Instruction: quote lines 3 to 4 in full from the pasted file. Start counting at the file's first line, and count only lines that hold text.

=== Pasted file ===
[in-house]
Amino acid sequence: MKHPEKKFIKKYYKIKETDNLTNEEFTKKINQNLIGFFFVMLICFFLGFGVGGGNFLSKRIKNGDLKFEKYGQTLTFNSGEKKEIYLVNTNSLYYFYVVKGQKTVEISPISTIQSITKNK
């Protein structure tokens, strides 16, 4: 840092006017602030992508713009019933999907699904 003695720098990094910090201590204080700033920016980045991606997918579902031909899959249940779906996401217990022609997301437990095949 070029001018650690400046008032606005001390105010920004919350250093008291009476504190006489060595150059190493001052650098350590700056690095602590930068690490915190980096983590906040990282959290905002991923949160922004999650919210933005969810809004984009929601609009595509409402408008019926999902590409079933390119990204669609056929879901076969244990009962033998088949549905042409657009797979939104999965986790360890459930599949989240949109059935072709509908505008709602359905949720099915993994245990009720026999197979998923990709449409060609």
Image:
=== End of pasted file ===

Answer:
């Protein structure tokens, strides 16, 4: 840092006017602030992508713009019933999907699904 003695720098990094910090201590204080700033920016980045991606997918579902031909899959249940779906996401217990022609997301437990095949 070029001018650690400046008032606005001390105010920004919350250093008291009476504190006489060595150059190493001052650098350590700056690095602590930068690490915190980096983590906040990282959290905002991923949160922004999650919210933005969810809004984009929601609009595509409402408008019926999902590409079933390119990204669609056929879901076969244990009962033998088949549905042409657009797979939104999965986790360890459930599949989240949109059935072709509908505008709602359905949720099915993994245990009720026999197979998923990709449409060609």
Image: